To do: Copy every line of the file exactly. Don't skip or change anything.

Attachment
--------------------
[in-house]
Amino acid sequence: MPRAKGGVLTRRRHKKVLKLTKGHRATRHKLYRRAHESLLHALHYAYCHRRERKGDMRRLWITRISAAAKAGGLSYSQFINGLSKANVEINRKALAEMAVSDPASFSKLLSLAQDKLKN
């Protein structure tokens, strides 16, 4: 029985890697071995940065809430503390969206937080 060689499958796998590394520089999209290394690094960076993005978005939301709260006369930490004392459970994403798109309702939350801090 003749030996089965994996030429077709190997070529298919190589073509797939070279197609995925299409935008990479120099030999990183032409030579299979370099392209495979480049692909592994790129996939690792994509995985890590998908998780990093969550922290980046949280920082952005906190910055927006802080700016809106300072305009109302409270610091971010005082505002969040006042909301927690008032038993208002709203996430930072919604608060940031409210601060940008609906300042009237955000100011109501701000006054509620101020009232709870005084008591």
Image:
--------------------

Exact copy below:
[in-house]
Amino acid sequence: MPRAKGGVLTRRRHKKVLKLTKGHRATRHKLYRRAHESLLHALHYAYCHRRERKGDMRRLWITRISAAAKAGGLSYSQFINGLSKANVEINRKALAEMAVSDPASFSKLLSLAQDKLKN
């Protein structure tokens, strides 16, 4: 029985890697071995940065809430503390969206937080 060689499958796998590394520089999209290394690094960076993005978005939301709260006369930490004392459970994403798109309702939350801090 003749030996089965994996030429077709190997070529298919190589073509797939070279197609995925299409935008990479120099030999990183032409030579299979370099392209495979480049692909592994790129996939690792994509995985890590998908998780990093969550922290980046949280920082952005906190910055927006802080700016809106300072305009109302409270610091971010005082505002969040006042909301927690008032038993208002709203996430930072919604608060940031409210601060940008609906300042009237955000100011109501701000006054509620101020009232709870005084008591």
Image: